This is how light pollution affects your view of the night sky

Feb 10, 2017

John Aldred

John Aldred is a photographer with over 20 years of experience in the portrait and commercial worlds. He is based in Scotland and has been an early adopter – and occasional beta tester – of almost every digital imaging technology in that time. As well as his creative visual work, John uses 3D printing, electronics and programming to create his own photography and filmmaking tools and consults for a number of brands across the industry.

This is how light pollution affects your view of the night sky

Feb 10, 2017

John Aldred

John Aldred is a photographer with over 20 years of experience in the portrait and commercial worlds. He is based in Scotland and has been an early adopter – and occasional beta tester – of almost every digital imaging technology in that time. As well as his creative visual work, John uses 3D printing, electronics and programming to create his own photography and filmmaking tools and consults for a number of brands across the industry.

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A little while ago, we showed you a video from photographer Sriram Murali. In it, we saw how different levels of light pollution affected your view of the Milky Way. He went to various areas where the sky ranked between 1 (the darkest skies you can get) and 9 (inner city sky). The problem was, not many people have ever really seen the milky way. Even in a super dark sky, it’s very difficult to make out with the naked eye.

So, Sriram has put together another video, focusing on a more familiar sight. Something easily visible to our eyes. The constellation of Orion. His purpose for creating the followup was to help further raise awareness on light pollution. There’s very little of our planet that doesn’t suffer from it now, which makes seeing the night sky extremely difficult. And while the Milky Way is more impressive to a camera, it’s not a scene that many can personally relate to.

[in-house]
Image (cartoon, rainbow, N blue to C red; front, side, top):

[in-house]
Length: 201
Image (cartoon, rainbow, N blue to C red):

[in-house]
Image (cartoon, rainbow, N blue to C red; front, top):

Again, Sriram goes through skies of varying brightness on the Bortle Scale. The video begins with San Franciso, which ranks 8 on the Bortle Scale. It has a lot of light pollution, which makes all but the brightest stars invisible. The three stars that make up Orion’s belt are clearly visible, as are a few other random spots of light. But beyond that, not much, really.

This is the sparse sky that many of us near big towns and cities will be used to seeing. There’s just so much light pollution from the ground that we simply can’t see most of the stars. The light coming from the ground and reflecting through the atmosphere is just too bright for the dim stars to shine.

As we start to move away from big built up cities, the starts start to become a little more visible. While there is still light emanating from the ground, and bouncing off clouds, the sky still gets very dark as you go up the sky. So, you can open up your exposure to let more light in, and see more stars. To the human eye, our pupils would adjust, and we’d also be able to see more skies directly.

Once you start getting to level 4, the sky becomes a pincushion of light. With bright specks everywhere. This is about the best that most people have ever seen. Usually, we just get out of reach of one city’s light pollution before we come upon another.

The darkest skies, though are level 1 no the Bortle Scale. Here, the sky is awash with colour and pinpricks of light. In fact, the sky is so dark, that Orion is difficult to make out amidst the huge numbers of now visible stars.

This is a sight that relatively few people ever get to see. Locations that offer this low level of light pollution are rare. So rare, in fact, that there are Dark Sky Reserves around the world. Right now they list 11 such locations around the world. As recently as 2013, Pure Travel listed 21 such locations. Their number is dwindling rapidly.

How much can you see when you look up to the sky at night?

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John Aldred

John Aldred

John Aldred is a photographer with over 20 years of experience in the portrait and commercial worlds. He is based in Scotland and has been an early adopter – and occasional beta tester – of almost every digital imaging technology in that time. As well as his creative visual work, John uses 3D printing, electronics and programming to create his own photography and filmmaking tools and consults for a number of brands across the industry.

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